Wells Fargo, one of the world’s biggest banks, just got caught in an elaborate scheme charging customers for bank accounts they never signed up for.

CNN Money reported Thursday afternoon that the bank fired approximately 5,300 employees who opened an estimated 1.5 million unauthorized bank accounts and cards. Customers charged for those accounts were never notified of their existence. The Consumer Financial Protection Bureau (CFPB) announced it would fine the bank $100 million for the scam — the largest fine the agency has ever imposed. Workers were incentivized to scam customers in order to net year-end bonuses.

“The Bank had compensation programs for its employees that encouraged them to sign up existing clients for deposit accounts, credit cards, debit cards, and online banking,” the CFPB wrote on its website. “According to today’s enforcement action, thousands of Wells Fargo employees illegally enrolled consumers in these products and services without their knowledge or consent in order to obtain financial compensation for meeting sales targets.”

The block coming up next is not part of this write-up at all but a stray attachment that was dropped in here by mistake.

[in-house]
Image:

According to the CFPB, accounts were maintained by Wells Fargo employees secretly moving customers’ money from existing accounts into the phony accounts, and then subsequently charging those customers for having insufficient funds in their original accounts.

Credit card accounts opened by Wells Fargo employees without customers’ consent also resulted in annual fees, in addition to interest charges and late fees. CNN Money reported that bank employees submitted 565,443 applications for credit cards on customers’ behalf without their knowledge or consent, dating back to 2011.

“We regret and take responsibility for any instances where customers may have received a product that they did not request,” Wells Fargo said in a public statement.

In addition to the $100 million fine levied by the CFPB, Wells Fargo may have to end up paying up to $85 million in additional fines and penalties, as well as an estimated $5 million in refunds to customers who were scammed.